Below grade square footage is an interesting topic. The Basement Is Part Of The House, Or Not? I have recently had a re-occurrence of an appraisal issue that keeps repeating itself. I am not sure if its part of the tightening of underwriting standards, or if it’s logical. But I’d like to explain the recent issue so everyone can be aware of it.
This has to do with below grade square footage
This piggybacks off of a blog that I wrote about in the past. It was related to a basement that was not counted in the square footage of the house.
A real life example
The current situation is that I have a client who is buying a home in Maryland for $700,000. There was only one problem, the appraisal came in low at $620,000. The appraiser said that the home was never exposed to the market. It was never listed for sale. The appraiser had comparable sales that are recent and close in proximity.
The Realtors and the seller claimed the home had extra value because it had a lot that was almost an acre. They said it was a 2,000 square foot home, and that the appraiser only used 1400 square foot comps. The Realtors sent comps that were over 2,000 square feet.
The problems with this:
1. The subject property is only 1400 ft.² above grade, and was almost 700 ft.² below grade. The 700 ft.² below grade was all finished living area. But Fannie Mae, the banks, and underwriters do not count below grade square footage in the gross living area (GLA). It does not matter whether it is finished or not. If square footage is wholly or partially below grade, it won’t count in the square footage figures for GLA. It will count as below grade/basement/recreation room square footage.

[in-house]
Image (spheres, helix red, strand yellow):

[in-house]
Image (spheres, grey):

2. Also, banks, underwriters and Fannie Mae and Freddie Mac do not give as much weight and value to an extra large lot as a Realtor or seller may. Fannie Mae and Freddie Mac would tell you that they are out to make home loans, not land loans.
Let’s take an example of a loan on a farmhouse that has 10 acres of land with the house. Fannie Mae and Freddie Mac will make us back out what they call “excess land value.” In other words, they will not value the land as much as someone else might. This is because they are making home loans, not land loans. The moral of the story is if you’re going to get a loan that is backed by Fannie Mae and Freddie Mac, you have to play by their rules. And the rules say that they are lending on home value mostly. And we cannot count extra value from an extra large lot.
What about lot value?
The Realtors and the seller in this case say a General Contractor would pay $625,000 for the lot value alone. And Fannie Mae and Freddie Mac would tell them, please invite the general contractor over to make a purchase for $625,000. Because Fannie Mae and Freddie Mac are not going to lend on a home that they want valued at $700,000 when an appraiser values the home at $620,000 just because it has an extra large lot.
People want to live above grade?
It is just common sense that people want to live above grade, or so it seems since caveman times. Below grade is for storage, and playrooms. Real gross living area is above grade. This is just the way the marketplace works. If you want a loan from Fannie Mae and Freddie Mac you’re going to have to play by their rules.
I have said it time and time again. GLA that is below grade, no matter whether it is finished or not, cannot be counted in the total square footage. So you cannot compare a 2,000 square foot home that is all above grade, with a property that may only have 1300 ft.² above grade and the rest is finished square footage below grade. Not according to Fannie Mae and Freddie Mac, underwriters, and the banks anyway.